Wendelin (Vendelinus), Gottfried
WENDELIN (VENDELINUS), GOTTFRIED
(b. Herck-la-Ville (or Herk), Belgium, 6 June 1580; d. Ghent, Belgium, 1667), astronomy, meteorology, natural science, humanism, law.
In the laudatory style of the period, Wendelin was called the Ptolemy of his age. He studied first in his native place and then at Tournai and at Louvain, where at the age of seventeen he observed a lunar eclipse. He subsequently spent time in Nuremberg, Marseilles, Rome, and Digne, before returning to Liége and Herck. He was ordained priest at Brussels and became a curate and a canon of Condé and Tournai, where he was an official of the cathedral. Like many deeply Catholic scientists, he was more attracted by the physical sciences and mathematics than by the biological sciences.
A convinced Copernican, Wendelin upheld his views with a courage that is the more impressive when it is recalled that both Descartes and Galileo were obliged to have their works (respectively, Discours de la méthode  and Discorsi ) printed in Protestant Holland. The Protestant presses of Leiden had become vital organs in the dissemination of new ideas. Wendelin’s audacity appears all the greater in the light of the misfortunes experienced even much later, in 1691. by Martin-Étienne van Velden, a professor at the University of Louvain. A century and a half after Copernicus (1543) and four years after Newton (1687), the rector of the university formally ordered the arrest of van Velden for having attempted to make a student say that one cannot doubt the Copernican system regarding the movement of the planets around the sun.1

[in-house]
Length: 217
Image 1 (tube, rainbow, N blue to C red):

Wendelin was apparently the first to propose a law of the variation of the obliquity of the ecliptic. According to Bigourdan, Wendelin also observed the influence of temperature on the period of the oscillations of a pendulum, noting that the oscillations are more numerous in winter than in summer. He also recognized—as Galileo had not—that an increase in amplitude increases the period of the oscillations.
Wendelin corresponded with Mersenne, Gassendi, whom he taught astronomy, and Constantijn Huygens.2 They were all younger than Wendelin. In a letter to Plempius, Descartes solicited Wendelin’s opinion of his Géométrie.3 In a letter to Colvius, Descartes wrote: “I’auois aussi desia vu la lampe de Vendelinus [G. W. Luminarcani …Lampas]; mais elle ne m’s point esclairé.”4 Finally, in a letter to Constantijn Huygens, Descartes praised Wendelin for his Pluria purpurea, calling him “homme scauant aux Mathematiques, et de tres-bon esprit.”5
While Wendelin does not appear in the first four volumes of The Correspondence of Isaac Newton, he does figure among the seventy-one authors cited in the Principia (1687). There he has the honor of being mentioned in the company of Ptolemy, Huygens, Copernicus, Street, Tycho Brahe, and Kepler (book III, proposition 4, theorem 4).
1. See J. Pelseneer, in Biographie nationale publiée par l’Académie royale de Belgique, XXVI (1936-1938), cols. 562–567.
3. See letter of 3 October 1637, in Oeuvres de Descartes, C. Adam and P. Tannery, eds., I (Paris, 1897), 411.
4. Letter of 5 September 1643, in Oeuvres de Descartes, Supplément, Index général (1913), 16.
5. Letter of 5 October 1646, in Oeuvres de Descartes, IV, 516.
I. Original Works. Wendelin’s works are Loxias seu de obliquitate solis diatriba…(Antwerp, 1626); De diluvio liber primus (Antwerp, 1629); ld…secundus (incomplete); Aries seu aurei velleris encomium (ca. 1632); De tetracty Pythagorae dissertatio epistolica (1637); G. W. Luminarcani…Lampas (Brussels, 1644); Eclipses lunares ab anno 1573 ad 1643 observatae (Antwerp, 1644); Pluvia purpurea Bruxellensis (Paris, 1647); Leges salicae illustratae (Antwerp, 1649); Luminarcani, Teratologia cometica …(1652); De causis naturalibus, pluviae purpureae Bruxellensis …(London, 1655); Epistola didactica de calcedonio lapide …(ca. 1655); and Arcanorum caelestium Sphinx et Oedipus…(Tournai, 1658).
II. Secondary Literature. On Wendelin and his work, see the notice by Lucien Godeaux, in Biographie nationale publiée par l’Académie royale de Belgique, XXVII (1938), Cols. 180–184, with a bibliography.